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The cavernous lobby of Wilmer Cutler Pickering Hale and Dorr’s downtown D.C. office looks like an ancient Greek temple, albeit with 21st century touches. Mammoth slabs of white marble and granite soar upward to a glass ceiling eight floors above, while to the left of the reception desk, visitors hear the soothing cascade of an indoor waterfall. Of course, all that opulence comes with a steep price. Four years ago, Wilmer consolidated offices in three D.C. buildings into one at 1875 Pennsylvania Ave. N.W., a move that gave the firm a trophy space and room to grow — two of the most important factors law firms consider when they put down roots. Now, with more than 560,000 square feet for its 450 Washington-based lawyers, Wilmer is spending close to $30 million a year on rent, the largest annual total among D.C. firms. “We’re very happy,” says assistant managing partner Carol Clayton, who led Wilmer’s office search. “When you look at where the market has gone, we are paying a good price. That’s important. Nobody wants to be economically disadvantaged.” She has a point. Despite the recent crunch in the real estate markets, the cost of prime commercial space in the District is going up, up, and away. Firms are looking at prices that until recently would have been more common in midtown Manhattan. In Washington’s central business district, newly built space is being rented for roughly $70 per square foot, according to numbers supplied by the commercial real estate firm Studley. In less than two years, brokers estimate, the average cost per square foot has increased by about 15 percent. In a sign of the times, developer Louis Dreyfus Real Estate plans to deliver a 240,000-square-foot building at 801 17th St. N.W. in early 2009 and says it expects rents for the upper floors to break the $100 barrier, something never seen before in the District. Firms that want to maintain prestige space in the heart of the D.C. business district have to pay what the market demands. Earlier this year, Mayer Brown committed roughly $250 million to a 15-year lease in what promises to be one of the city’s showpiece buildings. The search took 15 months and spanned the business district, from a site near the Washington Nationals’ new ballpark in Southwest to Rosslyn, Va. Mayer eventually decided to take all 242,000 square feet of the Helmut Jahn-designed building set to open in September 2009 at 1999 K St. N.W. Peter Scher, the office’s managing partner, says the space could eventually accommodate more than 350 lawyers.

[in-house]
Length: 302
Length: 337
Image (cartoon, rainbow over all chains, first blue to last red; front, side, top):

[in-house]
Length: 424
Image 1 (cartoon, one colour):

A short guide to the rental arrangements of some major law firms in the D.C. area (Chart)